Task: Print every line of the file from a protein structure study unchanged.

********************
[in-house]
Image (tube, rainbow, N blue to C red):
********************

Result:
[in-house]
Image (tube, rainbow, N blue to C red):